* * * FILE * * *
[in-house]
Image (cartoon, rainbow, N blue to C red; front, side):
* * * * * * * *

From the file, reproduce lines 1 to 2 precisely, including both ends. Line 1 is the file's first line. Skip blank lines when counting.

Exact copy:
[in-house]
Image (cartoon, rainbow, N blue to C red; front, side):